Stream ciphers operate by generating a keystream, a sequence of pseudorandom bits, which is then XORed with the plaintext to produce the ciphertext. The encryption process can be summarized as follows:
 Keystream Generation: Using a secret key and a nonce (IV), the stream cipher generates a keystream.
 Encryption: The keystream is XORed with the plaintext to produce the ciphertext.
Importance of the Nounce
The nonce (Number used ONCE) is crucial in ensuring the uniqueness of the keystream for each encryption operation. When the same nonce and key are used to encrypt different plaintexts, the same keystream is generated. This reuse creates a critical vulnerability.
Vulnerability: Nounce Reuse
When a nonce is reused with the same key, the same keystream is applied to different plaintexts. This allows for a knownplaintext attack:
 KnownPlaintext Attack: If an attacker knows or can guess one of the plaintexts (knownplaintext), they can XOR the known plaintext with the corresponding ciphertext to recover the keystream: keystream = ciphertext ⊕ knownplaintext.
 Keystream Recovery: Once the keystream is recovered, the attacker can decrypt any other ciphertexts encrypted with the same keystream by XORing the keystream with the ciphertext: plaintext = ciphertext ⊕ keystream.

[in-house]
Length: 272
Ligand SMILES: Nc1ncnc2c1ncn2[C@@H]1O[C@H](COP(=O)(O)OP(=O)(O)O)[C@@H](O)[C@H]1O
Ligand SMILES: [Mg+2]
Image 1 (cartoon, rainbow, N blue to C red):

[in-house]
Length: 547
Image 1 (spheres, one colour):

Exploiting the Vulnerability
In the provided script, the same nonce and key are used to encrypt both a predefined message and a secret flag. This can be exploited as follows:

Extract the Known Plaintext and Corresponding Ciphertext: We know the plaintext message and its corresponding ciphertext from
out.txt
.  Derive the Keystream: XOR the known plaintext with its ciphertext to derive the keystream.
 Decrypt the Flag: Use the derived keystream to XOR with the encrypted flag ciphertext, revealing the original flag.
By reusing the nonce, the script effectively leaks the keystream, compromising the security of both the encrypted message and the flag.
Let’s consider a simplified example to illustrate this:
 Plaintext1: “HELLO”
 Plaintext2: “WORLD”
 Nonce and Key: Both plaintexts are encrypted using the same nonce and key.
If we have: Keystream = ciphertext1 ⊕ plaintext1
We can then use the keystream to decrypt the second ciphertext: plaintext2 = ciphertext2 ⊕ keystream
This shows how critical nonce reuse can expose sensitive information encrypted with stream ciphers.
Exploitation Steps for the CTF: